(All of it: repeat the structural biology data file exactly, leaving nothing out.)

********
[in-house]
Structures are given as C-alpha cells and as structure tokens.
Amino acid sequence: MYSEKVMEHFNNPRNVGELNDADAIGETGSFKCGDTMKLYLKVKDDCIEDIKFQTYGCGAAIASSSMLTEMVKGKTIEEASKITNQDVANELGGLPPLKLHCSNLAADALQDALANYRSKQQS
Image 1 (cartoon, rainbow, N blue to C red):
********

[in-house]
Structures are given as C-alpha cells and as structure tokens.
Amino acid sequence: MYSEKVMEHFNNPRNVGELNDADAIGETGSFKCGDTMKLYLKVKDDCIEDIKFQTYGCGAAIASSSMLTEMVKGKTIEEASKITNQDVANELGGLPPLKLHCSNLAADALQDALANYRSKQQS
Image 1 (cartoon, rainbow, N blue to C red):